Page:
Max finds out that O'Blivion is connected with Videodrome, and is going to check it out, despite being told that he shouldn't. "You know I stay away from the scary stuff," he says, which I thought was funny, as he IS talking about a show that is nothing but torture and murder. He goes to the Cathode Ray Mission, a creepy mental hospital / homeless shelter that parks its residents in front of TVs. He meet's O'Blivion's lovely daughter, Bianca, and that night she sends him a tape. It breathes in his hands. Oh, I forgot to tell you that when Friday delivers the tape, Max freaks out and smacks her hard twice—once seeing Nicki in her place—and she responds, in an unperturbed voice "Geez, you scared me!" I thought this was crazy, as personally I don't stay that calm when somebody smacks me, but we soon find out it was a hallucination. Anyway, after the breathing, O'Blivion comes on and says that he started having visions, and the VISIONS created a tumor, and the tumor was removed and it became Videodrome. By the way, the 'drome' refers a sort of arena. Suddenly O'Blivion is killed, and the executioner is Nicki! She calls to him and soon his TV [which has Atari 2600 controls and a cartridge of "Combat" on top!] is breathing as well. This leads to the famous [and pretty good-looking] sequence when the screen is pulsating and Max presses his head into it. One unfortunate aspect is that while Debbie Harry is undoubtedly ridiculously cool, she does have rather prominent front teeth, and the kind of close-ups her mouth gets here had me thinking "Max, don't slice your ear open on that thing!" rather than about the serious intersection of morality and technology I think we were supposed to be thinking of.

After finding out that O'Blivion has been dead for 11 years, and his appearances are just assembled from the thousands of hours of videotape he left, Max watches more O'Blivion tapes, then opens his shirt to find that he has a big vagina-like opening there. He's been hanging out in his living room with a gun in his hand [now WHY does he do that?] and inserts the gun into his belly for safekeeping. Then the hole closes up. The whole thing is disgusting, but I like another really good and simple effect, which is that Woods apparently really has a ridge in the middle of his belly, so when they take off the appliance and take it down to just makeup, it really looks as though you are watching the hole close up before your eyes.

So then he is contacted by Barry Convex, the guy who apparently runs Videodrome. Turns out that the guy who first showed him Videodrome was planted two years before in order to bring Max into the operation. They want him to kill his partners and give then control of his channel. He retrieves his gun from his handy belly storage unit, and his hand grows to be part of it—it's a handgun. Convex puts a videotape into Max's belly, and this put him under their control. There are several more twists and turns, but they barely cohere together, and you can have the fun of discovering them on your own.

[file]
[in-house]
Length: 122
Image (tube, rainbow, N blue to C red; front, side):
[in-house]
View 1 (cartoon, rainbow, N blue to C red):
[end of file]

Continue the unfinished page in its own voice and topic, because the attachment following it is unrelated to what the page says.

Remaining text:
This is one of those movies that is notable for the brilliance of its invention as opposed to how well it works as a complete piece. Because it barely works. There is much material that can be found on how Cronenberg was writing and re-writing this right up until the last day of shooting, and it shows, because as I'm sitting here writing about it in a coherent way, it's becoming more and more apparent that it doesn't really add up. Is it about how watching violence on TV makes you want to enact violence? I think it was at one time. Is it about how TV is a form of mind-control? Is it about how TV is replacing real experience? Is it about how people are becoming increasingly unable to relate to anything that's not on a video screen? It seems to be about all these things, picking them up and putting them down with only the barest effort to tie them together. Luckily for the film, TV is a broad enough target that you can just imply that it's BAD and it'll seem like a coherent statement. But one thing that really started to gnaw at me was; who created Videodrome, and why? Is it really just supposed to be an evolution? And the people who want to broadcast it—why? What do they want to control people to do? They know how destructive it is… it just didn't come together. But again, this film remains in the "definitely should be seen" category just for the brilliance of some of its visions and its general ideas about television and its effect on the brain and body.

I was sent the non-Criterion edition with nothing but a trailer, but WHAT a trailer! It has almost no footage from the movie, but just shows a very quick montage of a lot of images and animation that express the frenetic quality of television. If you get this disc, DO NOT miss it. What else? Woods was fine, I'm glad he takes these roles. Debbie Harry is, of course, Debbie Harry, and no one and nothing can penetrate her unbreakable shield of awesomeness, but she does have the distance and flat reading style of the terrified inexperienced actor. As I said, a lot of the effects are quite simple and clever, although some of them look... like 80s gore effects.

Should you watch it: 

Definitely. But I'm glad I don't have to watch it again.